>> Cape Coral

Fathoms at Cape Harbour, 5785 Cape Harbour Drive, Cape Coral; 542-0123; from theCaloosahatchee River, look for Marker 92 and stay to the left of red markers 2, 4, 6 and 8; turn left past green marker 9, stay right of markers 11, 13, 15 and 17, at fork stay to left and follow channel to Cape Harbour. Full bar. Enjoy a selection of small plates — tsunami rolls, stuffed black and blue bread, a cold cuts board, seared beef tips — or tuck into something more substantial such as shrimp scampi pasta, braised kurobuta pork cheeks or lavender marinated chicken breast. And don’t forget the crafted cocktails. Dine indoors or out. N 26-32.73, W 082-00.46

Marker 92 Waterfront Bar & Bistro, and The Nauti Mermaid Dockside Bar & Grill, 5961 Silver King Blvd., Cape Coral; 541-5600; Whether it’s a nosh or a full-fledged meal you have in mind, you can find it along with a hearty portion of waterfront at Marker 92 and its adjoining bar. Flatbread pizzas are a specialty, but there are also burgers, salads, wings and entrees such as coriander-encrusted mahi from which to choose. N 26.540769, W 81.9993743

Rumrunners, 5848 Cape Harbour Drive, Cape Coral; 542- 0200; see boating directions above for Fathoms. Full bar. Dine indoors or out from wide-ranging menu that includes Bahamian cracked-conch fritters, lump crab cakes, Ralph’s killer shrimp, steaks, paella and seafood pot pie. N 26-32.73, W 82-00.46

>> Captiva

The Green Flash, 15183 Captiva Drive, Captiva; 472- 3337; Intracoastal Waterway Marker 38. Watch for the green flash said to occur just as the sun sets while feasting on raw oysters, bisque, fresh seafood and surf and turf. N 26-2723.41, W 81-5715.18

Old Captiva House, ’Tween Waters, 15951 ’Tween Waters Drive, Captiva; 472-5161; Marker 38. The menu at this lovely Gulf-front restaurant includes wild mushroom ragout, curry lobster spring rolls, roasted rack of lamb and Caribbean crusted grouper. N 26.510457, W 82.189039

>> Fort Myers

The Lighthouse Restaurant,14301 Port Comfort Road, Fort Myers; 489-0770; Mile Marker 11 inJonathan Harbour, just past Connie Mack Island. Full bar, indoor and outdoor dining, seafood, crab cakes, pasta, prime rib. N 26-29.25, W 81-59.36

Harbour Point Drive, Fort Myers; 466-4000; Marker 11. Choose from Charley’s Cabana Bar, with light fare served at a casual bar on the water; Tarpon House, with inside and outside seating that overlooks the resort pool and waterfront serving a mix of Florida favorites; or Courtside Steakhouse, with its full bar and menu featuring steaks, seafood and upscale service. N 26.48930, W 82.01080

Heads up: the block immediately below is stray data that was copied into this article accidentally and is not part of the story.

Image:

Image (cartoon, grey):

>> Fort Myers Beach

Bayfront Bistro, 4761 Estero Blvd., Fort Myers Beach; 463-3663. This casually elegant restaurant and bar sits atop Snook Bight Yacht Club, offering a prime view of the back bay, serving flatbreads, salads, seafood, steaks and more. N 26.438815, W 81.918763

Doc Ford’s Rum Bar & Grille, 708 Fishermans Wharf, Fort Myers Beach; 765-9660; Sit inside or out and get a great view of Estero Bay while dining on conch chowder, crab cakes, ceviche and other Caribbeantinged treats and a wide range of libations. For dessert: Drunken Parrot Carrot Cake, which is liberally spiked with Gossling’s Black Seal Rum. N 26.459243, W 81.952564

Flippers On the Bay, Lovers Key Beach Club & Resort, 8771 Estero Blvd., Fort Myers Beach; 765-1040; Just east of Big Carlos Pass near the drawbridge. This open-air bar and grill features sandwiches, salads, crab cakes, exceptional coconut shrimp and local seafood with a more upscale menu for dinner. N26.406.255, N 81.876.262

Matanzas Harborside Restaurant, 416 Crescent St., Fort Myers Beach; 463-3838; An institution on the Fort Myers Beach waterfront, Matanzas has earned its reputation on fresh seafood, well-crafted drinks and pizza (served on the Upper Deck Bar). Dockage while dining is free. N 26.455746, W 81.953552

Nervous Nellie’s, 1131 First St., Fort Myers Beach; 463-8077; A casual waterfront eatery and bar with a huge menu that includes loads of appetizers, burgers, salads, barbecue, fajitas and more. N 26.27.23.41, W 81.57.15.18